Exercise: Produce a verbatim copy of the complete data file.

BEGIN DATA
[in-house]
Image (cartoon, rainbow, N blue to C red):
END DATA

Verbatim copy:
[in-house]
Image (cartoon, rainbow, N blue to C red):